The Arizona Center for Rural Health’s mission to improve the health and wellness of Arizona’s rural and vulnerable populations through its state and federally designated and funded State Office of Rural Health program will continue thanks to a $4.4 million grant from the U.S. Health Resources and Services Administration (HRSA).
“We are very honored and excited to receive competitive continuation funding from the HRSA over the next five years to build on the more than 30-year history of the State Office of Rural Health Program here in Arizona,” said Dan Derksen, MD, director of the Center for Rural Health in the Mel and Enid Zuckerman College of Public Health at UArizona Health Sciences. “This program shows how federal, state and community collaboration can really make a difference in the lives of rural Arizonans.”
Arizona is the sixth-largest state by land mass, with 55% of the the state’s 114,000-square-mile area owned by the federal and state government, 28% owned by 22 federally recognized Native American tribes, and 17% owned privately and fragmented by large swaths of sparsely populated public and tribal areas.
This distribution results in many rural communities being isolated from human services and health care providers, which are concentrated in urban areas surrounding Phoenix and Tucson. As a result, rural Arizonans have unique challenges that result in significant health disparities, particularly for Native American and Latinx populations.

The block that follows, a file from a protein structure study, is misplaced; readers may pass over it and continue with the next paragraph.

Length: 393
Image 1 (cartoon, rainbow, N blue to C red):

The goal of the State Office of Rural Health program is to assist states in strengthening rural health care delivery systems by maintaining a focal point for rural health within each state. The Center for Rural Health has been federally designated as the Arizona State Office of Rural Health since 1990. The Arizona State Office of Rural Health has three core areas of focus: Collect and disseminate information to rural health care providers and agencies regarding grant opportunities, research findings, policy updates, best practices and other rural health issues; Coordinate rural health care activities in the state to avoid redundancies to include community, regional, statewide and national partnerships; Provide technical assistance to public and nonprofit entities to increase capacity in rural communities to develop and sustain successful rural health programs and services.
This new funding will enable the continuation of programming to serve the state’s rural, underserved communities and deliver the most up-to-date research, practices and resources to support health services providers in rural Arizona.